By Jeffrey Stinson Stateline.org.
In the last four years, 24 states and the District of Columbia have revamped their incorporation laws to help companies that aim to deliver social and environmental benefits, not just profits.
The move to allow businesses to register and operate as "benefit corporations" reflects the ethos of a rising generation of entrepreneurs and investors who are rebelling against the "profit-is-king" framework of corporate America.
The states that have taken action, starting with Maryland in 2010, have protected benefit corporations from laws that require corporations to maximize profits, letting them pursue social, environmental and economic goals without fear of shareholders suing them for not squeezing out every penny.
Companies can choose what social responsibilities they seek to assume. While the laws protect the companies from investor lawsuits for not maximizing earnings, they aren't protected if they don't live up to their social or environmental objectives.
"There are (investors) who'd rather put their money in a corporation that's not going to embarrass them down the line," said state Sen. Jeff Clemens, sponsor of the legislation enabling benefit corporations to register in Florida starting this year. "And there's a new generation of entrepreneurs who embrace the idea of making money while doing good."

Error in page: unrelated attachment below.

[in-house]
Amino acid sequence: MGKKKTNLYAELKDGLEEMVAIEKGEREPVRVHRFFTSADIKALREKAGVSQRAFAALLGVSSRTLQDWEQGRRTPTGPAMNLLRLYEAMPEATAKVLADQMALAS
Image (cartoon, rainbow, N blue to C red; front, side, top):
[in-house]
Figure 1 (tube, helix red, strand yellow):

Benefit corporations attract "socially responsible" investment and create jobs, Clemens, a Democrat, said. They pay taxes, don't pollute or otherwise degrade the state's environment and pledge themselves to paying living wages and other social causes or community works of their choice.
"It's a free economic development tool (for the states)," said Erik Trojian, policy director of B Lab, a nonprofit group in Wayne, Pennsylvania, whose founders devised the idea of benefit corporations about a decade ago.